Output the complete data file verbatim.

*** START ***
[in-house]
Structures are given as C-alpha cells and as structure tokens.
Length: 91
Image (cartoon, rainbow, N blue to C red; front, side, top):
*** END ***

[in-house]
Structures are given as C-alpha cells and as structure tokens.
Length: 91
Image (cartoon, rainbow, N blue to C red; front, side, top):